BILLINGS — Warm temperatures, calm winds and clear skies brought hunters to the field in south central Montana over the weekend – the first time this year that hunter numbers have exceeded last year’s count.
All three regional check stations run by Montana Fish, Wildlife and Parks reported more hunters than the same weekend a year ago.
At the Columbus check station, FWP wildlife biologist Shawn Stewart reported the most hunters and largest number of white-tailed deer for any weekend so far this year – and far more than the same weekend in 2011. However, the percentage of hunters with game was down from a year ago.
On Saturday and Sunday, 239 hunters stopped at the Columbus check station. During the same weekend last year, only 128 hunters appeared. Hunters checked 63 white-tailed deer, compared to 36 in 2011. They had 39 mule deer, the same number as a year ago.
The white-tailed deer rut is in full swing, so half of the checked animals were bucks, including many large bucks, Stewart said.
At the Lavina check station, FWP wildlife biologist Ashley Beyer checked 280 hunters – 20 more than the same weekend last year. The deer harvest was nearly identical to 2011, however, with 25 white-tailed deer (the same as last year) and 33 mule deer (one more than in 2011) checked. Overall, 24 percent of hunters who stopped at Lavina had harvested animals, down five percentage points from a year ago.
Of the deer checked, 72 percent of muley bucks and 63 percent of white-tailed bucks were 2.5 years old or older.
At Big Timber, FWP wildlife biologist Justin Paugh reported that the number of hunters was up sharply over last year – 142 this past weekend compared to 108 during the fifth weekend of the general season in 2011. The deer harvest was nearly identical to last year, with 32 white-tailed deer (same as last year) and 29 mule deer (one fewer than 2011) counted. For the weekend, 43.7 percent of hunters had harvested game compared to 63 percent a year ago.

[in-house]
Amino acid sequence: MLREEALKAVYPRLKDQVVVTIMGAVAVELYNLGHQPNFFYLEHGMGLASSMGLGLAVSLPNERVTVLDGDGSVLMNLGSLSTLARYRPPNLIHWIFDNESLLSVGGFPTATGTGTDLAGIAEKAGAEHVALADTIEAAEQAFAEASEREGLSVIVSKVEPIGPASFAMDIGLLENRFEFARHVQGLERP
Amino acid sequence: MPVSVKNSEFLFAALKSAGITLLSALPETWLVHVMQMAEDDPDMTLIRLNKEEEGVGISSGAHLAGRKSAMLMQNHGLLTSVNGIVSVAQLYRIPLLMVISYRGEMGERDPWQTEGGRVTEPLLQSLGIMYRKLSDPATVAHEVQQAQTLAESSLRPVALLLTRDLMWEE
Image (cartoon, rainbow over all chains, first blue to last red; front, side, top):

With the rut in full swing, 97 percent of checked mule deer and 66 percent of white-tailed deer were antlered bucks.
For the first five weekends of the season, the number of hunters and harvested deer still are well below the long-term average in south central Montana. With a week of the season left, hunter numbers are 85.7 percent of the long-term average. The white-tailed deer havest is at 84.4 percent of average and the mule deer harvest is only 52.1 percent of the long-term trend.
At the three regional check stations operated each weekend of the general big game season, 29.1 percent of hunters have had harvested game, compared to a long-term average of 36.3 percent.
The elk harvest is a bright spot in south central Montana, with hunters bringing home 12.7 percent more game than the long-term average.
The general big game season runs through Nov. 25.
FWP operates check stations throughout the antelope and general big game seasons to gather biological information about the state’s herds and hunting conditions. Game wardens also check some hunters at the stations for compliance with state laws.
All hunters are required to stop at any check station they pass either on the way to or the way home from the field, whether or not they have harvested game.